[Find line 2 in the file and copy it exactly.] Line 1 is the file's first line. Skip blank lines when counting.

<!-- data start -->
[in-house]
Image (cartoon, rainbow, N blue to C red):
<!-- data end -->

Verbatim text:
Image (cartoon, rainbow, N blue to C red):